Who really benefits from cybercultures?

I have recently finished reading Hand’s ‘Hardware to everyware: Narratives of promise and threat’ and once again I am mind-boggled at the impact that technological advances have had not only on the individual, but on a global scale. It feels as though my thoughts and feelings are now finely balanced on a see-saw as I am unable to decide on who cyberculture (as we know it now) ultimately benefits.

To quote Hand (2008):

“Power in digital culture indexes an increasing tendency toward the total surveillance and administration of society, now conducted through globally gathered and sorted information. The results of this will paradoxically be greater insecurity, an intense amplification of existing social divisions, and the consumerization of democratic citizenship” (Hand, 2008, p 39)

On one hand (excuse the pun), I am excited and optimistic about the opportunities that digital cultures will provide people with. It is truly thrilling that technology allows us to connect with people across the world that we would never have been able to without it. From this arises empowerment of the human race to achieve what may at one point have been unthinkable. As I have acknowledged in my previous blog posts it is almost impossible to imagine any real barriers to what can be achieved.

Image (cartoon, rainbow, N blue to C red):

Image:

On the other hand, however, there are real threats and dangers that have arisen from our craving to introduce technology into everything. Similar to the real and physical world there are some negative and counteractive influences over digital cultures. An example of such would be the so-called “Dark Web” in which, metaphorically speaking, can be considered the digital equivalent of the underworld. Having conducted some brief research of the Dark Web, I learned that it can be summarised as an encrypted version of the internet where people can mask their true identities and locations to engage in online activity that would be considered inappropriate (if not illegal) in normal circumstances.

Hand would suggest that digital influence merely exaggerates and amplifies the characteristics of society. If true, then inevitably we will have to look beyond the romantic notion of technology as an enhancement to everything and consider the possibility that there may be unwanted implications too. I noted that Hand also made reference to global inequalities and the effect that digitisation has on widening gaps that exist between existing cultures. I was reminded of a personal experience from a few years ago when I was sat at a bar on the island of Boracay, Philippines. On one side of the bar sat a young English family whose 6 year old boy was entertaining himself by playing on an iPad. On the opposite side of the bar was a Filipino boy of a similar age who was trying to make money for his family by selling handmade personalised bracelets. It was a sobering experience to witness such inequality between to boys whose only main difference was the culture in which they grew up. Until now I hadn’t considered the role that technology played in creating this inequality.

I guess that I am concluding that as long as there is human influence in cybercultures then it is difficult to determine who ultimately benefits. Perhaps there is no sole beneficiary but instead a new set of opportunities and problems for everyone. And everything.


Hand, M. (2008). Hardware to everywhere: narratives of promise and threat. In Making digital cultures: access, interactivity and authenticity. (Aldershot, Ashgate): pp. 15-42.